Workers' compensation benefits vary greatly from state to state. In North Carolina, for example, the average maximum payout for losing an arm while on the job is $220,880. In Nevada, meanwhile, the same condition earns an average of $859,624, while in Alabama victims receive an average payout of only $48,840.
Such discrepancies underscore a national problem. As ProPublica reports, a "geographic lottery" has emerged because congress allows each state to set its own workers' compensation statutes. And because there are no federally mandated minimum payouts, many injured workers are guaranteed to lose this lottery.
A "race to the bottom" for benefits
For more than a decade, state compensation boards have engaged in what is apparently a "race to the bottom." Simply put, almost every state has enacted new laws and policies that make it much more difficult for workers to be adequately compensated for on-the-job injuries. A recent report issued by the Department of Labor (DOL) emphasized that recent legislation has resulted the denial of more claims, decreased cash benefits to those who are injured, more restrictions on available medical care, and an increasingly complicated application process.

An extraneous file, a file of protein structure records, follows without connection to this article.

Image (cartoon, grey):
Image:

What the DOL recommends
Indeed, states have set their own workers' compensation laws with minimal federal oversight for nearly a century. Yet, as the DOL report makes clear, the recently illuminated disparity of benefits from state to state, as well as the current practice of reducing benefits as much as possible, has created a need for the federal government to assume more control and authority. While the report proposes no direct administrative or legal action, at least one senator is drafting legislation to address the problem.
With no minimum nationwide standards, Labor Secretary Thomas Perez stated that the current system "is really putting workers who are hurt on the job on a pathway to poverty." Truly, many feel that in the interests of fairness, nationwide standards should be imposed to avoid such dramatic differences between states and ensure that all injured workers are adequately compensated. Moreover, congress has an active interest in bolstering these benefits; when injured employees are denied worker's compensation payouts, it places a heavier burden on Medicare and Social Security to care for them.
Not all are in favor
Many employers and organizations - the American Insurance Association among them - are opposed to any oversight and say they are prepared to fight any federal intervention. They argue that state-based systems are more sensitive to the individual needs and economic dynamics.
Perhaps more promising: After a 2015 NPR report on the growing problem, some states passed legislation to increase benefits and reduce the difficulties encountered during the application process. Still, it seems clear that without federal help, many workers remain at risk.